Washington, DC – Today, Congresswoman Carol Shea-Porter voted in favor of legislation that she had cosponsored to repeal the health insurance industry’s exemption from federal antitrust laws. H.R. 4626, the Health Insurance Industry Fair Competition Act, passed the House 406 to 19.
“The days of the health care industry playing by their own rules are about to end,” said Congresswoman Shea-Porter. “With health care costs continuing to skyrocket, and more Americans losing coverage each day, we must protect consumers from unethical practices like price gouging. Just last week, it was reported that the insurance companies are planning on raising individual premium rates by double-digit percentages, including here in New Hampshire. By increasing competition, this legislation will help lower costs, improve coverage, and benefit consumers.”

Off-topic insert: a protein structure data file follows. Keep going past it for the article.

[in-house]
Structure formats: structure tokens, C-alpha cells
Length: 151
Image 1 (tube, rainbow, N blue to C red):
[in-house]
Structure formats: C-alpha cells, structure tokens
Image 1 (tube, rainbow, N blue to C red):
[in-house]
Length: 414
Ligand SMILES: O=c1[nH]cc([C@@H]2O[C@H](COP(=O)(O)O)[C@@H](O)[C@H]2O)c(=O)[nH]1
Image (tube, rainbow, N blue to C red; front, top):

The Health Insurance Industry Fair Competition Act amends the McCarran-Ferguson Act by repealing the antitrust exemption health insurance companies receive. Under this bill, health insurers will be held accountable for price fixing, dividing up territories among themselves, and sabotaging competitors in order to gain a monopoly – all of which are illegal in other industries.
Approximately 95 percent of health insurance markets in the U.S. are “highly concentrated,” meaning that consumers have little to no choice in choosing an insurer. In New Hampshire, two health insurance companies control 75 percent of the market. From 2000 to 2007, health insurance premiums for New Hampshire families increased by 79%. This concentration has created monopolies in many states, and has allowed insurers to hike up costs.
The Health Insurance Industry Fair Competition Act has received broad, bipartisan support and was endorsed by leading law enforcement and consumer groups, including the National Association of Attorneys General, Consumers Union, and the Consumer Federation of America.